Product Description: This Robbins of Dudley Fighting Knife is a very nice example. This is of one of the several patterns of fighting knives manufactured by the English firm Robbins of Dudley during the First World War. The double-edged blade on this dagger-style weapon has a distinctive, serpentine shape. It shows slight wear, and some traces of age, with some light spotting. The gently contoured handle is made of aluminum, cast on to the blade. The handle has an integral knuckle guard, and features the “Robbins Dudley” maker mark on the grip. The handle shows only slight, even wear. This rare Robbins of Dudley Fighting Knife is complete with its original scabbard, which is extremely hard to find. The scabbard is made of smooth, brown leather, and shows only minimal wear, with typical age darkening. It has a loop for a belt, and a single retaining strap with stud. All of the original stitching is intact. This desirable knife has great eye appeal, and remains in excellent condition overall.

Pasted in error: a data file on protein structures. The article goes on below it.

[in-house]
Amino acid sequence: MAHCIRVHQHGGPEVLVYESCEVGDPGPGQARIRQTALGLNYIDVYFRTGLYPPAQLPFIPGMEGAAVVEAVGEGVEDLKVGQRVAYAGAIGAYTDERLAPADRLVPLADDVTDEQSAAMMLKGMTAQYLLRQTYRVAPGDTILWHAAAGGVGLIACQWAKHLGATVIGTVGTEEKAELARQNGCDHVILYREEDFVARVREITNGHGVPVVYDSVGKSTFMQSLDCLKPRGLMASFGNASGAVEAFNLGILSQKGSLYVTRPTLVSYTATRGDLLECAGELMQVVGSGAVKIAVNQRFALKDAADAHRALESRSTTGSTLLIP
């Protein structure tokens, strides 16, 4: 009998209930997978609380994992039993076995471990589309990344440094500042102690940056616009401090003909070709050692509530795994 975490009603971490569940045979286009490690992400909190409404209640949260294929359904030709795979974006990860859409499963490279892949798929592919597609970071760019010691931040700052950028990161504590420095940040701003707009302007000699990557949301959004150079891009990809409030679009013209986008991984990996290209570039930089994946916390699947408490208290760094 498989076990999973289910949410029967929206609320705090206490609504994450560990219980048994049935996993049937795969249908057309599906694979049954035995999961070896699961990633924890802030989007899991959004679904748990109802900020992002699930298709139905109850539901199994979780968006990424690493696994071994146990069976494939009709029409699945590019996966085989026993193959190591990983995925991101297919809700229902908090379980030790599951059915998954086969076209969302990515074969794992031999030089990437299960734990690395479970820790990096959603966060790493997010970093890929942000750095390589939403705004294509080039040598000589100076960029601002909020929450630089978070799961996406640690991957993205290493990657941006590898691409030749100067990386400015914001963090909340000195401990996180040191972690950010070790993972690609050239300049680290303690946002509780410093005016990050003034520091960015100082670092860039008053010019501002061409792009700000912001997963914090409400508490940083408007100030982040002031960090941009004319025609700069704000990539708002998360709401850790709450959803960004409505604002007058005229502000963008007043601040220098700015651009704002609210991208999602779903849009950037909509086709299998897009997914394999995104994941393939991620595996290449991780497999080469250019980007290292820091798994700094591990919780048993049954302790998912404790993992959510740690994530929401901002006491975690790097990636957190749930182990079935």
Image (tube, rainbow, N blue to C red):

Historical Description: During the first World War, “trench knives” became a fixture for combatants on both sides. These weapons were developed for the reality of hand to hand, close quarters combat that was a grisly part of trench fighting. The first knives were field expedient products using improvised designs, fabricated by unit workshops or by the soldiers themselves. The French began mass production of trench knives early on, and these designs proved influential; the US military would later introduce various models based on the French designs. Germans created their own sturdy cut-and-thrust knives, in designs which remained in use through the end of WWII. Commonwealth troops used a number of different types, including several different standardized varieties. The designs of WWI trench knives were extremely numerous and varied and ranged from commercial type Bowie knives to simple weapons made from the stakes used to hang barbed wire. Push daggers and stilleto-type knives also saw use. Fighting knives were used alongside other types of “quiet” and melee weapons including clubs and hatchets. WWI trench knives are avidly collected today for their historical value.
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